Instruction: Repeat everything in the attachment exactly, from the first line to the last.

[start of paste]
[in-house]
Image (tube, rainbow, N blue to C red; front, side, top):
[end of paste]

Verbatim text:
[in-house]
Image (tube, rainbow, N blue to C red; front, side, top):